πάντα δι’ αὐτοῦ ἐγένετο
παντα means “all” or “every” and is usually translated with a noun as “all things”. Pay careful attention to the ending since this is how you tell what case it is. You can see all the forms here. Once you know what case it is, you will know what its function is in the sentence. From this, you can see that this adjective can be:
- accusative singular masculine
- nominative plural neuter
- accusative plural neuter
But you know that παντα is the subject of the verb εγενετο.
A prepositional phrase. δια means “through” and αυτου means “him”. We know that a prepositional phrase can function either:
This phrase is adverbial which means it must be modifying some verb. This phrase is modifying the verb εγενετο.
- The preposition is δια. The reason the “α” fell off is because the next word begins with a vowel. The apostrophe marks the elision.
- αυτου is from αυτος. It means “him” since it is the OP of δια.
- The αυ is pronounced as the ou in “house”.
- The ου is pronounced like the ou in “group”. Both are dipthongs.
- Notice the ου ending. Compare this to the article paradigm (which you should memorize immediately and perfectly). If you know the article paradigm, you will quickly see that this ending marks this pronoun as genitive singular.
Each Greek verb, is built by adding different morphemes to the verb’s stem. The present tense is built with the following building blocks (or morphemes):
verb stem + verb ending
Aorist verbs, however, are more complicated. Some aorists (called “first aorists“) have four parts:
augment + verb stem + tense formative + verb ending.
Other aorists (called “second aorists“) have three parts:
augment + verb stem (with a spelling change!) + verb ending.
This has the potential to be very confusing. Try to slow down and understand this. Ask for help if you need.
In this case, εγενετο follows the second aorist pattern. Notice the differences in this table:
|present tense||aorist tense|
|stem is γιν-||Note: the stem is spelled differently than it was in the present tense!|
|Takes primary endings (no augment)||Takes secondary endings (yes augment)|
|Translate into the English present tense||Translate into the English past tense|
|γινομαι – I become||εγενομην – I became|
|γινει – you become||εγενου – you became|
|γινεται – he/she/it becomes||εγενετο – he/she/it became|
|γινόμεθα – we become||εγενομεθα – we became|
|γινεσθε – you become||εγενεσθε – you became|
|γινονται – they become||εγενοντο – they became|
Looking at εγενετο, we see four parts:
|Augment||Stem||Connecting Vowel||Verb Ending|
All [things] through Him became…
καὶ χωρὶς αὐτοῦ ἐγένετο οὐδὲ ἕν. ὃ γέγονεν
- χωρις means “without”. It is a preposition. Its OP is αυτου.
- Every prepositional phrase is either adverbial or adjectival. This phrase is adverbial answering the “how?” question.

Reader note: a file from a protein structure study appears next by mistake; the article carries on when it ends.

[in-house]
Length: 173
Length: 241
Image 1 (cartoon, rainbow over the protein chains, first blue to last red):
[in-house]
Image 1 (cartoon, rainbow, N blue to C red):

- Memorize the adjectival and adverbial questions!
ἐγένετο οὐδὲ ἕν
- ουδε means “not”.
- Be sure to note the difference See the vocab for chapter 10 in BBG.. The former is the numeral one and is pronounced “hen”.
- Numbers are adjectives answering “how many?”. Just as you did before, you will often have to supply the noun it is modifying. Here you will translate “one thing”.
- ὃ is a relative pronoun which is a DMW. Hence, we know a dependent clause is coming. We know that every clause has its own subject/verb. In this case, ὃ is the subject and γέγονεν is the verb.
- γεγονεν is a form of γινομαι (just like εγενετο). You can clearly see the reduplication which marks this verb as perfect tense.
stem is γιν-
|Note: the stem is spelled differently than it was in the present tense!||
Note: the stem is spelled differently than it was in the present and aorist tenses!
|Takes primary endings (no augment)||Takes secondary endings (yes augment)||Takes primary endings (no augment)|
|Translate into the English present tense||Translate into the English simple past tense||Translate into the English perfect tense|
|γινομαι – I become||εγενομην- I became||γεγονα- I have become|
|γινει – you become||εγενου- you became||γεγονας- you have become|
|γινεται – he/she/it becomes||εγενετο – he/she/it became||γεγονε(ν) – he/she/it has become|
|γινόμεθα – we become||εγενομεθα we became||γεγοναμεν we have become|
|γινεσθε – you become||εγενεσθε you became||γεγονατε you have become|
|γινονται – they become||εγενοντο they became||γεγονασι they have become|
…and without Him, became not one [thing] which has become.
ἐν αὐτῷ ζωὴ ἦν, καὶ ἡ ζωὴ ἦν τὸ φῶς τῶν ἀνθρώπων:
A prepositional phrase translated as “in him”. Be able to find the preposition and its OP. From your knowledge of the article, you can easily parse this. Another huge clue is the iota subscript which almost always means dative, singular.
ζωη is the subject of the verb ην.
- What case must it be (principle 1)?
ην is from ειμι.
In Him, life was…
καὶ ἡ ζωὴ ἦν τὸ φῶς
και is a FANBOYS.
Look at the article before ζωη.
Isn’t principle 7 great?!
Note that both φως and ζωὴ are nominative case and articular. There is no way to know which is the subject. See RWP on this verse.
- principle 7). (
- Translate genitive nouns into English using the key word “of” (BBG 7.4).
and the Life was the Light of men.